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With the widespread criticism of legal education and the proposed changes to the American Bar Association (ABA) accreditation standards, law schools are looking for ways that they can better teach students to be lawyers. In fact, law schools may be facing a perfect storm for significant changes in legal education with the recent release of two high-profile reports criticizing legal education, the major restructuring of law firms and practice because of the weakening economy, and the push to change the ABA's accreditation standards.

These events highlight the need to prepare law students to be practice-ready and to help make them better prepared for lifelong learning, something that goes to the core of what it means to be a lawyer. The problem, however, is that law schools generally fail to train students to be expert learners even though lawyers will be constantly learning while practicing law. In light of law schools' general failure to teach students to be expert learners, this article discusses how to better prepare students for the practice of law through a more effective way of using formative assessment in lawyering skills courses and clinics. For purposes of this article, “doctrinal courses” are those that focus on teaching the substance of an area of the law, even though some skills may be taught. Examples of doctrinal courses include contracts, torts, civil procedure, property, and constitutional law. “Skills courses,” however, are those that focus on teaching some particular lawyering skill. Examples of skills courses include legal research and writing, negotiation, contract drafting, clinics, and externships.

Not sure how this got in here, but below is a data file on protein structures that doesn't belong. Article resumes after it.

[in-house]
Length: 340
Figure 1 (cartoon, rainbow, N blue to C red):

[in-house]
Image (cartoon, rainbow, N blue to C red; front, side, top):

Specifically, this article focuses on ways that professors can use the formative assessment process to improve the metacognitive skills of law students so they are more successful at transferring their learning to the new and novel situations they will encounter in the practice of law. Essentially, the goal of formative assessment should be to move legal education away from a focus on an end product-a memorandum, motion, negotiation, oral argument, etc.-to the underlying process of developing these products.

Part II of this article focuses on the need to prepare law students to be expert learners because they will be constant learners in the practice of law. Part III details the concept of metacognition and its role in preparing students to be self- regulated learners. It discusses the components of metacognition, its role in law school, and the current push to include better metacognitive training in law school. Part IV details how formative assessment can be better utilized in improving the metacognitive skills of students. Specifically, it explains the best practices of formative assessment and how professors can adjust their feedback from a focus on assessing a product to assessing the process of learning. Part V explains how to use self-assessment surveys and portfolios to enhance the formative assessment process and help students become better self-regulated learners.